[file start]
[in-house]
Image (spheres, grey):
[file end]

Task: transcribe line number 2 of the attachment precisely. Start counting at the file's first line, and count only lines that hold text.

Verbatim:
Image (spheres, grey):